the swamp cooler humidifies the air. heat is trapped by vapor then removed by A/C .

  7. Glad people cleared up the humidity issue, as that was the first question that popped into my head reading this… I’m about to buy a small window a/c because my room can’t find a balance of humidity/temperature… When it’s cool enough outside to pull in air to cool the room out with a window fan, it’s usually after it rained, and it’s humid out too… Running a dehumidifier puts out so much heat as to make it unpleasant again. It’s regularly 75-80ร‚ยบ and 75-80% humidity in my room, which is unfortunate!

    @3, that’s also a counterpoint to your suggestion – I think the heat generated by running a dehumidifier would completely counteract the “cooler feeling” of drier air.

    Also, as far as power goes, I haven’t looked around at dehumidifiers, but the power consumption of mine is 4.5A, and the window a/c draws 5A. The a/c I’m looking at also draws out moisture at 3x the rate of my dehumidifier. Overall, seems pretty worth it.

  8. Yeah, sorry, won’t work very well anyplace with humidity in the air.

    Have to agree with some of the others – I work my ass off so i can set my central AC any temperature I want. I sure am not going to bust my hump to be uncomfortable in my own home.

    Still, to each his own.

    You’d probably be better off with a window unit that you could install/remove easily and use it only when you need it.

  9. I’ve not been to the Amazon, but I have been to Asia during the rainy season. I don’t care what anyone else says, New Jersey summers are the worse combination of heat and humidity anywhere on the planet.

    Multiple years ago I was without AC (and the means to acquire) and I was suffering mightily when trying to sleep at night. Here is my temporary solution (modify where appropriate)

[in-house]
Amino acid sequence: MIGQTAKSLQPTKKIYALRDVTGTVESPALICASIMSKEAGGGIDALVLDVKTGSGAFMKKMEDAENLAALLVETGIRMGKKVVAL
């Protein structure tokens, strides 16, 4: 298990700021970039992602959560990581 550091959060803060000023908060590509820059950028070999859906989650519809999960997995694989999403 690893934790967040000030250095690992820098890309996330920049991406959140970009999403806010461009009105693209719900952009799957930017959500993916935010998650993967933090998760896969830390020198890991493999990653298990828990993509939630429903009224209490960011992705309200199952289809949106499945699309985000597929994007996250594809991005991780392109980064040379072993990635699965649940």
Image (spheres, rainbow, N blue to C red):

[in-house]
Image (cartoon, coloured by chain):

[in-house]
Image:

Parts needed:
    window box frame with drainage ports in the screen frame.
    Cheap box fan
    Ice cube container (not the tray, the rectangular bucket you put the cubes in)

    I filled the cube container with water and let it freeze during the day (while I enjoyed my employer’s AC).

    Right before bedtime, I decanted the block of ice into the window frame. I then propped the box fan in the window so that the ice block was between the fan and the screen.

    If your bed is directly below the window, you’ll feel the cooling effects immediately. Yes, I’m sure it upped the humidity in the room, but the drop in temperature more than compensated for this. I was able to sleep comfortably, rather than sweat uncomfortably. My cats enjoyed it too.

    This worked well in a typical 10×12 bedroom. YMMV.

  10. My Lower East Side tenement apartment doesn’t have adequate wiring for an air conditioner. Cold showers help. I have several fans. An exhaust fan at the top of a window, sucks the rising heat from the ceiling, and other fans blow on me wherever I sit, and on my bed.

    But when it gets really hot the Egyptian method works amazingly well, letting me sleep through the night in comfort. Basically cover yourself in a sheet that you’ve wet and wrung dry, and have a fan blowing on you. You would think that in New York’s high humidity it would not be that effective, but it is.

  11. Here’s a portable cooler that works in a car but can be used in a house, back yard, etc. I call it the “backcooler.”

    Get an ice chest, 12v submersible bilge pump, black UV resistant (and cheap!) 1/4″ tubing sold for drip irrigation at any hardware store. Clear vinyl is too thick. Fill a couple 2 liter pop bottles 4/5 full of water and put in the coldest freezer you have. A rubber stopper to fit the output of the pump, drill holes for two or four tubes. Tie/sew the drip tubing, about 5-7 feet, to the back of a car seat cushion, make a spiral/zigzag or any other pattern with two parallel tubes. Leave enough on the ends to feed into the ice chest, two stuck in the stopper, two return water to the chest. Put water in the freezer to cover the pump, plop a pop-sicle bottle in the water and remove heat from your back with ice cold tubing. Put a tablespoon of bleach in the ice chest water, paper labels will jam the pump, drink the pop bottle water if you need to. One pump will “power” two back-coolers. Works in the car, yard, house. Obviously not for those with poor circulation. I’m everbody(@)yahoo.com. Should I “make” this project?